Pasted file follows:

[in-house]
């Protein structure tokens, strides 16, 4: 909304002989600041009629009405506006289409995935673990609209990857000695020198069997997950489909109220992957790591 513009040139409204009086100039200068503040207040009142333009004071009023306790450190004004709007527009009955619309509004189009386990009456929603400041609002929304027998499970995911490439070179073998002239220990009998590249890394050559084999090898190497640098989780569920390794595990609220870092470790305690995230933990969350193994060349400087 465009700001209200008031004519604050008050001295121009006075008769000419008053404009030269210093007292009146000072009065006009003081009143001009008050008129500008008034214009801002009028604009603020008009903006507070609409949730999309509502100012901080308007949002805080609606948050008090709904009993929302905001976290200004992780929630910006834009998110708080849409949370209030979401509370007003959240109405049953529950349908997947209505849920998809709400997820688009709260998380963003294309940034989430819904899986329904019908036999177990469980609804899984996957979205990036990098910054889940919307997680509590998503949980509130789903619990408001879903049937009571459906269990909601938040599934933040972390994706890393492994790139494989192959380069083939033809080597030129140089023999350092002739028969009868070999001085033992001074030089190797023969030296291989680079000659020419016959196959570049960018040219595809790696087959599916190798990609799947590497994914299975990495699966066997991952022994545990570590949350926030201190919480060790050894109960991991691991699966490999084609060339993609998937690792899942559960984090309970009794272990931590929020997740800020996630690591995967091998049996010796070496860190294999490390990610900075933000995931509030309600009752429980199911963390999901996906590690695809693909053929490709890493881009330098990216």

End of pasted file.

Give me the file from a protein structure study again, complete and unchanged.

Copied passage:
[in-house]
């Protein structure tokens, strides 16, 4: 909304002989600041009629009405506006289409995935673990609209990857000695020198069997997950489909109220992957790591 513009040139409204009086100039200068503040207040009142333009004071009023306790450190004004709007527009009955619309509004189009386990009456929603400041609002929304027998499970995911490439070179073998002239220990009998590249890394050559084999090898190497640098989780569920390794595990609220870092470790305690995230933990969350193994060349400087 465009700001209200008031004519604050008050001295121009006075008769000419008053404009030269210093007292009146000072009065006009003081009143001009008050008129500008008034214009801002009028604009603020008009903006507070609409949730999309509502100012901080308007949002805080609606948050008090709904009993929302905001976290200004992780929630910006834009998110708080849409949370209030979401509370007003959240109405049953529950349908997947209505849920998809709400997820688009709260998380963003294309940034989430819904899986329904019908036999177990469980609804899984996957979205990036990098910054889940919307997680509590998503949980509130789903619990408001879903049937009571459906269990909601938040599934933040972390994706890393492994790139494989192959380069083939033809080597030129140089023999350092002739028969009868070999001085033992001074030089190797023969030296291989680079000659020419016959196959570049960018040219595809790696087959599916190798990609799947590497994914299975990495699966066997991952022994545990570590949350926030201190919480060790050894109960991991691991699966490999084609060339993609998937690792899942559960984090309970009794272990931590929020997740800020996630690591995967091998049996010796070496860190294999490390990610900075933000995931509030309600009752429980199911963390999901996906590690695809693909053929490709890493881009330098990216």